by Junno Arocho Esteves
VATICAN CITY (CNS) — Countries like Greece that are on the front line of the migrant crisis need the cooperation of all nations to help those fleeing from “wars and other inhuman situations,” Pope Francis said.
“A harmonized response can be effective and equally distribute the weight,” he said Feb. 28 after reciting the Angelus with visitors gathered in St. Peter’s Square.
Thousands of Syrian and Iraqi refugees were stranded in Idomeni, Greece, in late February after Balkan countries announced a daily cap of migrants crossing their borders. Greek officials estimated that up to 70,000 migrants may be trapped in the country in the coming month, according to Agence France-Presse.
Noting the generosity of countries like Greece, which are handling the growing influx of migrants, the pope called on European Union member states to “focus decisively and unreservedly on negotiations” to assist nations receiving refugees.
The pope also expressed his hope that a cease-fire in Syria might bring humanitarian relief to the suffering population and “open the path to a much-desired dialogue and peace.”
In his remarks before reciting the Angelus prayer, the pope said that tragedies, accidents and catastrophes are often misinterpreted as a sign of divine punishment from God.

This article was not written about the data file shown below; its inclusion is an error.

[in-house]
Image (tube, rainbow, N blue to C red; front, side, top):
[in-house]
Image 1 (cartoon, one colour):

He said the day’s Gospel reading (Lk 13: 1-9), shows Jesus’ awareness of his listeners’ “superstitious mentality” in the face of two tragic events: the Roman suppression at a temple and the falling of the tower of Siloam that killed 18 people.
“In fact, they thought that, if those people had died in such a way, cruelly, it was a sign that God had punished them for some grave sin they had committed, as if saying ‘they deserved it.’ And on the other hand, the fact of being saved from such a disgrace made them feel ‘good about themselves,'” the pope said.
The same temptation to “unload” responsibility on victims or on God exists in the face of today’s tragedies, the pope said, and he called on Christians to change their hearts and not follow the path of hypocrisy.
“How many times we have thought this: ‘But I’m basically good; I’m a good person’ and justify ourselves,” the pope said.
Pope Francis prayed that, through Mary’s intercession, Christians may “never judge others, but rather allow daily misfortunes to provoke us into making a serious examination of our consciences.”
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